It’s not just Twitter, either. Whistleblowers from Google and Facebook have also reached out to Project Veritas in recent months: exposing targeted human and algorithmic blacklisting and deboosting (mal)practice apparently mostly aimed at interlocutors assumed to be right-wing e.g. on the basis of (automated) syntax analysis. If the reports we are getting are to be believed then such corporations have evidently strayed far from their purportedly humble, diverse, and progressive origins, and are fast becoming a prejudicial and oppressive law unto themselves.
An unknown number of people and organisations are being ever so quietly and gently excluded from the (digital) Speakers Corner and town halls of the 21st century – apparently often on the basis of little more than rough indicators pertaining to politics and linguistics; both a strong function of one’s personal background, education, and lived experience. Our only apparent crime: believing we could be part of “what’s happening” (Twitter’s slogan) and also be ourselves. Is this not the very definition of bigotry? Would it not have Orwell turning in his grave?
In the continued absence of suitable checks and balances Big Tech is now injudiciously constraining – if not (yet) completely purging – public opinion, where and when it suits. Naturally, this runs contrary to modern, inclusive Western values of the post-enlightenment, and is arguably at odds with universal human rights including liberty, equality, dignity, and freedom of thought, speech, and expression.
What we are witnessing, however subtle and underreported, is nothing short of calculated social engineering and political interference on an undisclosed but conceivably industrial scale. Forget largely contrived #RussiaGate narratives, and the like, #MissingVoices is the real deal and it’s happening right now, and right under our noses.
To take my case as an example: I had only a small number of ‘followers’ but my replies – mostly to posts from popular Twitter accounts – had registered hundreds of thousands of impressions prior to the imposition of this curious deboosting impediment. Extrapolate those figures across just a hundred, or a thousand, and never mind a million critical voices, like mine, and the potential systemic impact is huge. And that, it would seem, is the point.
A brief sampling exercise reveals that up to one in three replies to randomly selected BBC news report tweets about all too common media talking points – like Brexit, Trump, and climate change – are being deboosted. Many of the affected accounts/posts appear contrarian/sceptical, e.g. of liberal mainstream narratives, if not consistently left or right-wing, or generally all that radical, nor clearly in breach of the platform’s rules. Indeed, it seems that even some of the UN’s replies to their own tweets are being hidden.
Hard to say quite what the agenda is here, or quite what has gone wrong at Twitter, in the absence of more comprehensive data collection and analysis – or Twitter shedding light on things themselves, but readers can draw their own conclusions. What we do know is that a large tranche of public opinion is being hidden away and, judging by noticeably reduced (political) network activity in recent weeks and months, it seems many have cottoned on and decided, like myself, not to bother trying to be part of the conversation.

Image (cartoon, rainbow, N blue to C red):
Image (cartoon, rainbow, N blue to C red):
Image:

As outlined in my earlier commentary on shadow bans, the timing of these acts of (mass) manipulation could scarcely be more conspicuous. It can hardly be a coincidence that these moves come “just as contemporary technological trends have moved the average consumer of news away from traditional, reliably on-message mainstream media outfits” and towards dynamic grass-roots, community based information sharing. With major national elections on the horizon both sides of the pond, this does not look at all innocent and nor does it bode well.
The truth is, the powers that be are losing the ‘information war’ on multiple fronts. From failed attempts to brush off health, safety, security, and energy consumption concerns over 5G, ‘smart’ IoT, and AI technologies, to the decreasing resonance of FUD-based (technocratic) propaganda, the ‘little people’ are waking up and smelling the “covfefe”; and we can’t have that. Shut it down!
Prominent politicians stateside have been rather slow to properly recognise Silicone Valley’s attempts to neuter the net, and have yet to do anything serious about it. That is, other than invite tech execs to appear before Congress only to essentially perjure themselves in having the audacity to claim, on the record, that their outfits are free of bias and do not seek to skew public perception.
By contrast, policymakers this side of the Atlantic have treated us to an Online Harms White Paper that gives censorious corporates the green light to get creative in keeping the (increasingly disaffected) peasantry from encountering too much in the way of (awkward) ‘disinformation’. The agenda, if not the evidence, appears to reflect concern that continued exposure to unvetted data might promote (disruptive) ‘wrongthink’ vs. (stable) ‘groupthink’. Ominously, the consultation document suggests that companies should make disputed content less visible.
Whatever happens at legislative and regulatory levels we, each and every one of us, have an important public duty to ensure that the (digital) commons may be used and enjoyed freely, openly, and on an equal basis by all rule and law abiding (digital) citizens.
Whether the solution is a full-blown digital transformation commission, more narrowly targeted regulation, and/or (the simple threat of) anti-trust interventions, what has become clear is that we urgently need to see more (open source) transparency, legitimacy, and public accountability on the part of major internet monopolies – before Big Tech fully transitions to Big Brother 2.0.